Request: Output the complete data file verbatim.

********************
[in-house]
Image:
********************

[in-house]
Image: